October 3, 2022

The housing market in the United States is a hot topic right now. I’ve seen videos showing lines of people waiting to get into an open house showing. Relatives of mine just went through the home-buying process and lost out on homes despite offering tens of thousands over the asking price.

It begs the obvious question: Is this a housing bubble, and if/when it will likely pop? It’s a tough question to answer because nobody knows for sure. However, you can look at the data and history of the housing market to get a sense of how things might play out in the months and years ahead.

Regulations are tighter this time around

I will admit that the housing market feels like a bubble right now, and perhaps it is a bubble. Housing prices are going up constantly, and it’s fair to wonder how much longer most families will remain in the market for a home. But there are some reasons why a “bubble burst” may not be as violent as you think.

Person pulling wooden bricks out from under a house model.

Image source: Getty Images.

The housing crash that began in 2007 is widely considered the most violent in U.S. history and is a reference point for many people watching housing prices skyrocket today. The 2007 crash is still debated to this day, and while I won’t try to pull apart all of the moving pieces, there are some important differences between then and what’s happening now.

First, there were systemic problems in the lending industry that “primed the pump” for what happened in 2007. Lending regulations were much looser then, and banks approved people for mortgages who couldn’t afford the payment. These mortgages were called “subprime,” and the percentage of subprime mortgages leapt from the mid-single digits in the early 2000s to 18% to 20% between 2004 and 2006.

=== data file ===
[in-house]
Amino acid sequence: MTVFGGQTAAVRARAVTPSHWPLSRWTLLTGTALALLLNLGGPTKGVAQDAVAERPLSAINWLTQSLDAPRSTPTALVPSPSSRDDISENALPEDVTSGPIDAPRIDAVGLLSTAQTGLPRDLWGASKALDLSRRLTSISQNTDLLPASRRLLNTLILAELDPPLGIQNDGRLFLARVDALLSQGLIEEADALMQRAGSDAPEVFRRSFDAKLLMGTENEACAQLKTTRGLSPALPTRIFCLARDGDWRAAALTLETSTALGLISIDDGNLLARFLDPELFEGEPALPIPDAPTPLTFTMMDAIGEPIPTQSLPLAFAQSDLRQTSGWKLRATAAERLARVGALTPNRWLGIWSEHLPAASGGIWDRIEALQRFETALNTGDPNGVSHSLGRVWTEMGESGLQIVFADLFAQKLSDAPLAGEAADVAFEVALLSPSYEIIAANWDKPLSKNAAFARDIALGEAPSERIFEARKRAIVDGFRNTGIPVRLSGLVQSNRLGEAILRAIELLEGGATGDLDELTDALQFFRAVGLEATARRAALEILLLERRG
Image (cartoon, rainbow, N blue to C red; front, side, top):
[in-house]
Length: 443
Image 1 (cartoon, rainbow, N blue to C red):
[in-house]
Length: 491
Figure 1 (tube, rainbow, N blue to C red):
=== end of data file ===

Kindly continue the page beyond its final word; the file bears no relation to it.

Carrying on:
Ultimately, many of these borrowers couldn’t pay their bills, and the resulting spike in foreclosures began a chain reaction that crushed housing.

The government tightened regulations following the financial crisis, and it’s now much harder to get a mortgage without having the appropriate income and credit score. That isn’t to say that speculation can’t pop up again, but the Dodd-Frank Act was created to prevent these bad lending practices from recurring. The takeaway? I don’t know that the housing market will “crash” without a shock to the banking system, like in 2007 when people began rapidly defaulting on their mortgages.

Supply versus demand

Historically, real estate has proven very resilient, with median home prices declining in just eight of the past 60 years. Consider the housing crash in 2007; you can see below that from the peak of prices leading up to the crash to a roughly 30% decline in prices at the market bottom.

Chart showing the 2007 crash in U.S. home prices and subsequent rebound.

U.S. Existing Home Average Sales Price data by YCharts

In other words, it took years for home prices to fall, and that was arguably the most violent crash in history!

Could recession cause prices to drop? Sure, and almost every year that median home prices did decline was during a recession. Mortgage rates are also rising, which makes financing homes more expensive, and could help cool demand from buyers. At 4.7%, rates are still near multi-decade lows, but they have risen quickly so far this year.

Ultimately, you need demand for housing to fall, in order for prices to fall. A recession or rising rates can have that effect, but nobody can know for sure when, or by how much. 

One of the unintended consequences of the housing crash in 2007 was that demand dropped so rapidly, that home builders basically shut down. The recovery of housing starts took years following the crisis, and today it’s estimated that America is short roughly 5 million single-family homes.

US Housing Starts Chart

US Housing Starts data by YCharts

Home prices will likely peak when supply and demand meet in harmony, which doesn’t seem to be the case yet. It’s hard to make that case until I stop coming across mobs of people trying to squeeze into an open house showing. When sellers no longer can turn away buyers offering thousands over the asking price.

There could be a recession coming, and mortgage rates might keep rising, like buckets of water trying to calm the raging fire of home prices in the U.S. Nobody knows for sure what will happen next, but I don’t see enough evidence that prices will be plunging anytime soon.